We didn't sleep at Tekapo either, but continued into a mountain pass where our hosts keep a 1500 acre farm with 2500 head of cattle and several hundred sheep. It was solemn, fun, peaceful and spiritual all at once. I'd love to go back and spend more time at all these places, but for some reason, especially the farm. P and I took a walk and saw noisy black, white and teal colored geese-like birds, just getting ready to make their way back to Australia, I'm told, in addition to the ubiquitous black and white magpies (I was disgruntled that F, who has little interest in birds, had seen them in Asia and knew they were magpies when I didn't - dammit!).







It was in a mountain pass in their Southern Alps, so not surprisingly it was surrounded by snow covered mountains too. In the morning, it was a little clearer and I could get some pictures.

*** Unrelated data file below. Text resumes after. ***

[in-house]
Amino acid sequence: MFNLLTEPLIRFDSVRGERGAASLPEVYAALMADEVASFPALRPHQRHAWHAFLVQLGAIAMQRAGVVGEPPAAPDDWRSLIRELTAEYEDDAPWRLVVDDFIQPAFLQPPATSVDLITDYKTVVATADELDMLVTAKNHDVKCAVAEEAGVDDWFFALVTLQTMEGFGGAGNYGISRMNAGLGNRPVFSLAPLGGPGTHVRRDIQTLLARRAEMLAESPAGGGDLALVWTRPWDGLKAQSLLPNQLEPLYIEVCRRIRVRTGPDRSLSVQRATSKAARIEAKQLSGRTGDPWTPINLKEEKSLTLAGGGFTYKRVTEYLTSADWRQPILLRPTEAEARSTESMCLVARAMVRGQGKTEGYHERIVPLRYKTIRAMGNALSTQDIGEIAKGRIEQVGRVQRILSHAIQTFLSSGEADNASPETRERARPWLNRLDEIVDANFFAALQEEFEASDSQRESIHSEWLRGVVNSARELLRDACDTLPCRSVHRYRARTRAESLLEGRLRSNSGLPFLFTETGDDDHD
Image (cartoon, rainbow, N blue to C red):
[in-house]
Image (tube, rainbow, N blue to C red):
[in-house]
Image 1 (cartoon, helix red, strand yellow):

It was a long drive to Christchurch from there. Christchurch is a city, which doesn't interest me much to begin with, but it was partially destroyed by an earthquake a few years back and it rained the whole time we were there, and it was probably the least interesting part of our trip, even if we had to pass through some fantastic scenery to get there. It was, I admit, a relief to finally be on some straight roads in the plains, which is duller but much easier. We had been driving in mountains for about two and a half weeks, and though magnificent, it's a lot more tiring than just driving down a straight road. I don't think I took any pictures of Christchurch other than of the lovely little house we stayed in.